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scottdewald

C++ Singleton vs C-style "Singleton"

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What are the pros/cons of doing a real C++ singleton class over a fake C-style "singleton" where the header file contains the accessor functions and the "member variables" for the C-style singleton are static globals in the *.c file? Assume that the system would not be used in any inheritance heirarchy, so rule that out. In my case, having the constructors in C++ aren't one of the advantages b/c I am doing a logging system, so I would have to call some form of an Intialize() function in either case to specify the file to open. Also, I could still wrap a namespace around the C-style singleton to prevent naming conflicts. I guess my main reason for asking is that the C++ syntax in this case seem much worse (longer): C++ Singleton Syntax: Logger::GetInstance()->Initialize(filename); ... Logger::GetInstance()->Log("Message"); C-style "Singleton" Syntax: Logger_Initialize(filename); ... Log("Message");

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The C++ singleton is an object, it may therefore inherit from other objects and be passed as argument to the related functions. For instance, an ostream singleton like std::cout (even if wrapped in an access layer) can be used with any ostream-friendly function.

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You could also make the Log function static and have it call getInstance internally if you want to make it shorter:

//header
public:
static void Log(char* str);

//source
void Logger::Log(char* str)
{
GetInstance()->private_func_that_writes_to_file(str);
//or since you can access privates why not:
// instance->pricate_func .... (assuming you can initialize first
// which sets instance).
}

//To use:

Logger::Log("Log this");


Greetings.

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Not sure what you mean by "system would not be used in any inheritance heirarchy". Thus I might say few irrelevant things to your question, live with it ;-). You are forgetting one minor detail. Singleton in CPP can me more than "static methods static members". Singleton is an object. It can be derived from other classes, it can override methods, it can be extended by other classes, you can use templates when it's within classes, etc..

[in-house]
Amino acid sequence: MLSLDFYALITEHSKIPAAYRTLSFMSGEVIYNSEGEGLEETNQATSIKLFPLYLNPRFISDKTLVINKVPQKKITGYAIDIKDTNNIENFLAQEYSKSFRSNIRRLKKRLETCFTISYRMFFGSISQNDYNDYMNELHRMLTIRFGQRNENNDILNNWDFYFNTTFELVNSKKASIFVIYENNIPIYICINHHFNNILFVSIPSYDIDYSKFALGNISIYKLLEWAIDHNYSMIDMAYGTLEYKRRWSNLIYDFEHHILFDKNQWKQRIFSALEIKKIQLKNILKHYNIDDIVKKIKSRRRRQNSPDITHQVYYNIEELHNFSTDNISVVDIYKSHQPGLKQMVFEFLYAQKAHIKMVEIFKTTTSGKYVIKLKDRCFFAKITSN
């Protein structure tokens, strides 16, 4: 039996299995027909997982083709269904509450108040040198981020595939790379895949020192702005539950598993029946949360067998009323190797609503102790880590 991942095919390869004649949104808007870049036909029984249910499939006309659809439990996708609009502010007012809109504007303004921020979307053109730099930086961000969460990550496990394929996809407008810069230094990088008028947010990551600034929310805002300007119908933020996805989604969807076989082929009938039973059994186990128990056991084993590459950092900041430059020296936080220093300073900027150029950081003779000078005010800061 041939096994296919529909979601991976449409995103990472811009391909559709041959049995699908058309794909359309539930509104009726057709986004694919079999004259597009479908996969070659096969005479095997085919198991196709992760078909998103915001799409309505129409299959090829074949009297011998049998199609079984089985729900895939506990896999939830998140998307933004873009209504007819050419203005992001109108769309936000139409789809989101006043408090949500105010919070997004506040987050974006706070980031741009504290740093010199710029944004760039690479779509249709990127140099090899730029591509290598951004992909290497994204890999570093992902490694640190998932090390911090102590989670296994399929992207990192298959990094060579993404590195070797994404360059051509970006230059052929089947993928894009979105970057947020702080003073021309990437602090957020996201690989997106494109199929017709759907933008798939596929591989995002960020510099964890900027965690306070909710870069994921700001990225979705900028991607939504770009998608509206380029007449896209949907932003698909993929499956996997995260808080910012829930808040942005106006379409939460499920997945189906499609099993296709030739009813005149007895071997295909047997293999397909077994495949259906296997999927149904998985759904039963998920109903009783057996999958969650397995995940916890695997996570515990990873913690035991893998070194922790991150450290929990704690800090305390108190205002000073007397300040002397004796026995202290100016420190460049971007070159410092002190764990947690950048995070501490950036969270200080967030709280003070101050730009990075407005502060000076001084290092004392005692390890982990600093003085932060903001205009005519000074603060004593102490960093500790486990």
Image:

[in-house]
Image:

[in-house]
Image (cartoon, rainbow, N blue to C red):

A good example would be a prototype class.

// initialization stage
Factory<Geometry>::GetSingleton().Register("Point", new Point());
Factory<Geometry>::GetSingleton().Register("Circle", new Circle());
Factory<Geometry>::GetSingleton().Register("Polygon", new Polygon());

// using stage
Geometry* circle = Factory<Geometry>::GetSingleton().CreateObject("Circle");

Point,Circle and Polygon implement "Clonable" interface. Note that this code is not exception safe.

Now I want to create all kinds of Animals.

Animal* tiger = Factory<Animal>::CreateObject("Tiger");
Animal* fish = Factory<Animal>::CreateObject("Fish");

I am sure you got the idea by now. It adds more reusability.


Try creating such Factory facility with classes ;-)

Other than that, one of the advantages in CPP is the scope rules, so that every method of the singleton class is accessed through name of singleton class and doesn't pollute global namespace.

In the days I was coding in C, I did the Logger class just the way you've suggested in your post.

About the reason for asking the question. I prefer longer and clearer code. Nowadays there are tools like visual assist or built-in intellisense in IDE, so writing that down is not big deal, nor does it take much time. Having a static method ::GetInstance or ::GetSingleton gives me additional information behind the scene about the fact there's only one instance of that class.

you could use MACROS inside your CPP code:

#define Logger Logger::GetInstance()

Logger->Log("Message, viola! :-)");


As conclusion, use CPP singletons. They are nice and lovely creatures (:

HTH,
Shimon

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Quote:
Original post by scottdewald
I guess my main reason for asking is that the C++ syntax in this case seem much worse (longer):

C++ Singleton Syntax:
Logger::GetInstance()->Initialize(filename);
...
Logger::GetInstance()->Log("Message");


Create a global inline function that will do the job:

static inline
void Log(char* msg)
{
Logger::GetInstance()->Log(msg);
}


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